The China Securities Regulatory Commission (CSRC) on February 18 held a conference on bond supervision amid on-going bond default risks facing real estate developers.
According to the summary of the conference, CSRC focused on preventing and resolving the risk of bond defaults. The summary did not provide details on the Commission’s plans.
The meeting occurred as major Chinese real estate developers failed to pay their debts and rating agencies downgraded their credit ratings.
Bloomberg reported that Yango Group missed a 30-day grace period payment on a total of 27.3 million dollars in interest due on January 15.
Zhenro, a Shanghai-based developer, is soliciting the consent of creditors “to certain proposed waiver and amendments” to help improve its overall finances.
Their payment funds for debt services “became increasingly limited,” and they may not be enough to meet its upcoming debt maturities in March 2022.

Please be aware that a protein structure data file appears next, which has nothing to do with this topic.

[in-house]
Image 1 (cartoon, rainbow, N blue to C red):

On February 18, Moody’s Investors Service downgraded Zhongliang Holdings Group Company Limited’s (Zhongliang) corporate family rating to B2 from B1 due to lack of funds. The company’s outlook on the ratings remains negative.
Earlier, Fitch Ratings warned on January 27 that “China’s corporate bond default rate will be pushed up by privately owned property developer defaults in 2022.”
As property developers miss overdue loans payment, courts have frozen their assets.
According to Reuters, on February 15, a municipal court in Guangzhou froze 361.5 million yuan (57 million dollars) Evergrande assets the previous week for overdue payments.
Beijing Financial Court has frozen 50 million yuan (7.9 million dollars) of Shanghai Shimao Investment shares held by Shanghai Shimao Construction.
According to Bloomberg, as debt concerns become a severe problem, China will seek to reduce defaults in the real estate sector, and banks and state-owned enterprises will be called upon to help.
Alicia Garcia Herrero, a Chief Economist for Asia Pacific at Natixis, said in response to questions from Bloomberg that “The government will try to slow down—if not stop—the number of bond defaults this year on the developer front.”
Herrero also notes that “It needs to turn sentiment to improve land sales as local governments are suffering.”